CANNABIS. The cannabis constituent that produces the high is called Delta-9-tetrahydrocannabinol (Delta-9-THC, widely known as THC.)
Delta-9-THC enters the bloodstream rapidly after smoking (in minutes) or more slowly when ingested orally (20 minutes to 1.5 hours). It is rapidly metabolised into inert molecules known as metabolites. These chemicals also have the word Tetrahydrocannabinol in them and are called THC, which can be quite confusing.
Delta-9-THC is detectable in the blood for a few hours, but none of this active chemical is found in the urine or stored in the fatty tissues such as the liver and brain.
What is frequently described as THC's lingering in the body fluids and organs are metabolites of Delta-9-THC, the inert substances that the body disposes of in the urine and excrement, in much the same way as it disposes with Vitamin A. It is these that are detected in the body organs and urine, long after the effects of Delta-9-THC have worn off.
These metabolites can linger more than 90 days in some cases. For occasional users, an average of 13 days was recorded. Some people had metabolites detectable for just three days; others found the substances still in the urine after up to 29 days.
But a positive body fluid or hair test for cannabis does not mean that the person was under the influence of the substance, or impaired in any way at the time the specimen was collected. All it tells the tester is that the person may or may not have ingested cannabis in the recent past.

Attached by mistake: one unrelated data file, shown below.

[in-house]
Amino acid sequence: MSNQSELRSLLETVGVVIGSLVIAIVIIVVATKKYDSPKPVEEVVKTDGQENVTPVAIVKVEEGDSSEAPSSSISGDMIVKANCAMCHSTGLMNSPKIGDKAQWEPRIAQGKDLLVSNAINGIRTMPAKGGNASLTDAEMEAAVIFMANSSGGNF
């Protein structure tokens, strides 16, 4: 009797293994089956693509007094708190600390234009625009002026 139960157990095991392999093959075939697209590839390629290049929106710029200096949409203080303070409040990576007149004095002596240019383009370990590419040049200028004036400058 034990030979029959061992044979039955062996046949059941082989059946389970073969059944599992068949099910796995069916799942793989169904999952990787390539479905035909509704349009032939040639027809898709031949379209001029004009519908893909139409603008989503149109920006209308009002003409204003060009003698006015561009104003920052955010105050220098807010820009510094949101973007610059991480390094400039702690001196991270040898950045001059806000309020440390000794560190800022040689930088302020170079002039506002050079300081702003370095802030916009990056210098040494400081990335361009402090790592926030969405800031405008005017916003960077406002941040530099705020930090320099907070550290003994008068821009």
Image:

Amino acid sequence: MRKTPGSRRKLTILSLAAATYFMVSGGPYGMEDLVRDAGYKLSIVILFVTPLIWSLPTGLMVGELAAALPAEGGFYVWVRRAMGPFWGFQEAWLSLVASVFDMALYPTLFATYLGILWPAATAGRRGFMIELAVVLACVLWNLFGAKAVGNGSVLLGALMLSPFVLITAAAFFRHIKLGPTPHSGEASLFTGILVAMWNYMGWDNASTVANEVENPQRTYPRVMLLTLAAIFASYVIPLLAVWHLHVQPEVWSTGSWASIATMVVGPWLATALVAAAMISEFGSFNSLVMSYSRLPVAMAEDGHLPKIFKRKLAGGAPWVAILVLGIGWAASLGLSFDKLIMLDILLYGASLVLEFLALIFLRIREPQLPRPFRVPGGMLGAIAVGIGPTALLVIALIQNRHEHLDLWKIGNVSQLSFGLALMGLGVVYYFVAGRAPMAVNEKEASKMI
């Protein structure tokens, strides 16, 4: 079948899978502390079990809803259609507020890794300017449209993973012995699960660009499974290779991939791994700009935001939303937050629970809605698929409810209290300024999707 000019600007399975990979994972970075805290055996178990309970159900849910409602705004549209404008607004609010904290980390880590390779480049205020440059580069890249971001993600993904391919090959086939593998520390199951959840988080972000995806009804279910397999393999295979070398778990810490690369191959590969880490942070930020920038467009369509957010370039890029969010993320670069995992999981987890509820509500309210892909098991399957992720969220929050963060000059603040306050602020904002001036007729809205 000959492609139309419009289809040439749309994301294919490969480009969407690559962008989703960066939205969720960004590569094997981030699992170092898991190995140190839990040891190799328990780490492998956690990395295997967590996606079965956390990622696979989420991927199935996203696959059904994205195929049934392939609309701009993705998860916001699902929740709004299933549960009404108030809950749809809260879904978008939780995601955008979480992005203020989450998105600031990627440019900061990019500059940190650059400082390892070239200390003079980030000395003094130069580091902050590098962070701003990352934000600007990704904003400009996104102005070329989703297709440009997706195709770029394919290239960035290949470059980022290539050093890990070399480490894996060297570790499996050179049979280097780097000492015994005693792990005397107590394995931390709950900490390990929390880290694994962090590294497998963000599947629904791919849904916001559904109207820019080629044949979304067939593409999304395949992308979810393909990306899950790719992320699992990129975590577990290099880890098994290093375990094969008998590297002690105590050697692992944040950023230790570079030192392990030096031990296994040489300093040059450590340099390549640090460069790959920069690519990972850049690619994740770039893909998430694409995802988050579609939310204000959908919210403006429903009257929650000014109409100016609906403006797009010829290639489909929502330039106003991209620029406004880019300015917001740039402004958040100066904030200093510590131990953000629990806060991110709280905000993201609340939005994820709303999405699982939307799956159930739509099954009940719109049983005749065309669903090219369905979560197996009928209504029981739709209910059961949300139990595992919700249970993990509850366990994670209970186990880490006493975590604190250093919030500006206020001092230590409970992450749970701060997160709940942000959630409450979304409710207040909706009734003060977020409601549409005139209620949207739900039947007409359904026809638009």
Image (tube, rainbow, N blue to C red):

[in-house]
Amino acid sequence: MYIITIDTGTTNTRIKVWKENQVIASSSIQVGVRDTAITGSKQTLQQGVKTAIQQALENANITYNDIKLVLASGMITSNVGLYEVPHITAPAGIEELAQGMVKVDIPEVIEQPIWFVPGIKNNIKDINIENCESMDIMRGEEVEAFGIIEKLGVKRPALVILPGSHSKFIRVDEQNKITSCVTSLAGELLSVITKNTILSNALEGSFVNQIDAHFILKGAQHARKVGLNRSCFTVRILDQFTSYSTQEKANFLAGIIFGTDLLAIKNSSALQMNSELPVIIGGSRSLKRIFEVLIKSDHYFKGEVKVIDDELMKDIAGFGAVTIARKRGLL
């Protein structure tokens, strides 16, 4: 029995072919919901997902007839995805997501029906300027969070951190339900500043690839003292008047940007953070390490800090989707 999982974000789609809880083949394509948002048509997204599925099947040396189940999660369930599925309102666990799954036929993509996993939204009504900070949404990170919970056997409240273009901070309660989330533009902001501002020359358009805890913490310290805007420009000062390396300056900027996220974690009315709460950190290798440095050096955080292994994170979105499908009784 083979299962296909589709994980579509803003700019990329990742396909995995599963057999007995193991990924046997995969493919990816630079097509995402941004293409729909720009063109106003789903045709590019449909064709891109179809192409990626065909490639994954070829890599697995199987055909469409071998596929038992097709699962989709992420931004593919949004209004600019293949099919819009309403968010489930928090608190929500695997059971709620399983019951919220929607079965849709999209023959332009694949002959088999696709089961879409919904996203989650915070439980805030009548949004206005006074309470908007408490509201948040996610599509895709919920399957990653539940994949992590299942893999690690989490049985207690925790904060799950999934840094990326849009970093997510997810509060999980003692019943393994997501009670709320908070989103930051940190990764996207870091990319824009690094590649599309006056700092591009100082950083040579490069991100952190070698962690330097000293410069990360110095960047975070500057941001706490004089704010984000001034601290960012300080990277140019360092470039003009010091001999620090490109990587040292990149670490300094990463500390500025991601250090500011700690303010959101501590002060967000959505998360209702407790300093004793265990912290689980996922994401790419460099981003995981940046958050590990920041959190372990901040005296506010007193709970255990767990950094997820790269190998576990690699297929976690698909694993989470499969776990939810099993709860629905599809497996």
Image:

COCAINE is rapidly absorbed after smoking with the maximum plasma concentration occurring in 5 minutes. After snorting or sniffing maximum concentrations are reached in 30 to 40 minutes. Cocaine is metabolised extensively with only 1% being excreted unchanged in the urine. The major metabolite -Benzoylecgonine - can be detected by an immunoassay test for approximately 48 hours. Again, a drug test cannot show the level of impairment at the time the test was taken.
AMPHETAMINES are metabolised and the drug will appear in the urine. Unchanged amphetamines have been detected in the urine up to 29 hours after a single dose of 5 mg. A positive amphetamine analysis indicates the use of amphetamine 24 to 48 hours previously. Again, it cannot show the level of impairment at the time the test was taken.
OPIATES including morphine, heroin, are rapidly absorbed after oral ingestion, with peak plasma levels occurring about 15 to 60 minutes after the drug has been taken. After injection it peaks in 15 minutes. The principal metabolite for detection is morphine-3, glucronide, which can be detected in the urine for around 48 hours. Again, it cannot show the level of impairment at the time the test was taken.
HEROIN has a similar pattern of metabolisation and excretion to morphine, and a typical test will show a positive result between two and four days after use. Again, it cannot show the level of impairment at the time the test was taken.
LYSERGIC ACID DIETHYLAMIDE (LSD) has its effect within minutes after use but can last for 12 hours. LSD is rapidly metabolised and only a very small portion of the dose is excreted unchanged in the urine. LSD itself, however, can be detected up to 30 hours after use and the metabolites can be detected for periods of up to 72 hours. Again, it cannot show the level of impairment at the time the test was taken.
Complied by Don Barnard
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